What on earth are you doing? What is the French for borrow a trolley? - I don't know.
- C'est moi le porteur ici.
Just wait outside, will you? Oh, shut up.
- Right, on you get.
- Hello, Lionel.
On he gets? What do you mean, on he gets? Take care of it, you said.
Well, I am.
He's not here with us.
He's here with his wife.
- I'm going to wheel him round to her.
Get on.
- You are not! - I don't feel well.
- Oh, shut up.
He can't go back to her like that.
Look at him.
When he apologises profoundly, he should look human.
Monsieur! Oh, attendez-la, will you? I don't care what he looks like.
I don't care if he apologises.
I don't care if he throws her out the window.
- I've been a nuisance.
- Yes.
- And it's all your fault.
- My fault? Yes.
You should have told him how badly he behaved, given him nothing stronger than coffee and waited for Ann and me to get back.
- From your shopping? - Yes.
Instead of which, you side with him, get him drunk and now expect to wheel him back looking like death warmed up.
Perhaps the trolley was excessive.
- Monsieur! - Right, fine.
I've finished with it, thank you.
Merci bien.
- Oh-la-la, ces anglais - God, they're an hysterical crowd, aren't they? Faced with behaviour like yours, I can hardly blame them.
I just wanted a holiday.
That's all I wanted.
- Right, come on.
- I've told you, he can't go back like that.
- Assuming you want to go back.
- Of course I do.
- Of course he does.
Off you go.
- No, look! Now, go into the bathroom and oh, I don't know, spruce yourself up a bit.
We'll order some coffee.
Now, go on.
You sounded just like my mother when you said that.
Where are you going? Not you.
You.
- To order the coffee.
- Use the telephone.
No.
I can't stand that crone on the switchboard.
She gabbles away and pretends not to understand anything I say.
You don't like the French, do you? - I don't know why you wanted to come here.
- It was for us.
Remember? Oh! Oh - Here's a clean shirt of Lionel's.
Put that on.
- Thanks.
- She's quite young, my mum.
- I'm very glad to hear it.
Oh! Changed your mind about the phone? - Oh, Ann.
- I've come to say goodbye.
Oh, no, you mustn't.
- I've got my pride.
- I know that but you mustn't go.
The concierge was mistaken.
Terry's not in the hotel.
- Yes, he is.
- Well, where, then? - Where? - Sorry, this needs cufflinks.
I don't suppose - Terry? - Ann.
I was just sprucing myself up.
How could you? I couldn't I Oh, don't be absurd! No, no.
Jean just came in and found me in bed with Lionel.
Look, there is an explanation for this but I'm suddenly very, very tired.
How long does it take to get coffee? - I was ambushed by the manager.
- Why? That fool with the trolley sneaked to him, apparently.
According to the manager, I'm lucky not to have brought the hotel staff of Paris out on strike.
Well, he obviously hasn't thrown us out.
- Has he? - No.
- Diplomacy won the day.
- Yours? Yes, mine.
I offered him money.
- Shall we take this up? - We can't.
- Is that blacklegging too? - Anne and Terry are in our room.
What, both of them? She came to say she was going home and he came out of the bathroom half-naked I don't need to go on, do I? - How were they when you left? - Glaring.
- Didn't you explain? - No.
- I left them to sort it out themselves.
- Finally.
Yes, finally.
- Voila votre café, Monsieur.
Ah, merci.
I think we deserve this.
- Oh, yes.
Let's sit at a table.
- Yeah.
Bah, non, monsieur.
Blackleg.
Incroyable.
Oh! Vous voulez pas votre café dans la chambre? Non.
Ici.
- Mais, enfin, écoute - Ici! Ici? - Ici.
- S'il vous plait, monsieur.
Bon, OK.
OK.
Incroyable.
Mais vous avez dit - Muttering.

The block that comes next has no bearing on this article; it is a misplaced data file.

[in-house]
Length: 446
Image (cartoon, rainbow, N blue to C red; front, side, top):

- So are you.
Well, I hope they don't wreck the room.
- Yes, perhaps we should - Perhaps we shouldn't.
No, I didn't mean to get involved.
I just kept thinking, that could have been us Except we'd've been here on a dirty weekend.
Well, we're having one now.
Just a bit late, that's all.
Actually, Terry's quite a sweet lad.
Oh.
While we were having a drink he told me all about the unreasonable demand.
- Oh? - Yes.
- Well, I shan't be shocked.
- Well, it's pretty raunchy.
Are you going to tell me or not? Very well.
He asked her to open the window And? No, that's it.
And she'd just got comfortable and thought he should have done it himself.
But what made it really unreasonable in her eyes was that he forgot to say please.
And then she said she wasn't going to start married life by being ordered about.
And he said he hadn't ordered her to do anything and so on and so on.
- That's what they rowed about? - That's the nub.
- What a pair of twits.
- That's what I thought.
As you said, they're very young.
It takes mature people to have mature rows.
Rows about important issues, like the emergency leaflet on a plane.
- Yes.
Reading it aloud.
- I wasn't reading it aloud.
I - Here come Mr and Mrs Twit.
- Oh, Ann! - We came to thank you.
- You've been so kind.
- Lots of people wouldn't have bothered.
- No.
- Anyway, we're all right now.
- Yes, it shows.
And we certainly don't want to impose further.
- But - But? We'd like to take you to dinner.
This evening.
To say thank you.
Oh, how nice.
- Well, of course we - We can't come.
It's very kind, but I've made other arrangements.
Sorry.
Oh.
Well, it's quite all right.
- Perhaps a drink sometime.
- Oh, that'd be nice.
Meantime, thanks again.
- I thought he concealed his relief admirably.
- Yes.
I thought the "other arrangements" was a bit pat.
No, it's absolutely true.
You remember the couple of phone calls I made earlier? I thought you were just getting out of the firing line.
You're speaking to a man who stood up to a vicious mule in Korea.
In Korea.
I'm so sorry, yes.
These arrangements? You and I are having dinner alone in a rather swish restaurant that looks out on a floodlit Notre Dame.
- Oh! - And we're not walking.
We're travelling in a horsedrawn carriage.
I asked for a white horse but they couldn't guarantee that.
Oh, Lionel.
It sounds lovely.
- And very seductive.
- It's intended to be.
- It wasn't part of the original plans.
- Who are you kidding? No, not the seduction.
The high life.
We couldn't have afforded it then.
We couldn't have afforded to go to Paris.
No.
I knew age must have some compensations.
Come on, let's go and get ready.
Erm later will you be making any unreasonable demands? - No, probably not.
- Oh, dear.
No, I think we'll open the window before we go to bed.
# You must remember this # A kiss is still a kiss # A sigh is just a sigh # The fundamental things apply # As time goes by # And when two lovers woo # They still say I love you # On that you can rely # The world will always welcome lovers # As time goes by #